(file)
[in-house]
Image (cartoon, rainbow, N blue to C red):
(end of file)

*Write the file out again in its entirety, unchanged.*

[in-house]
Image (cartoon, rainbow, N blue to C red):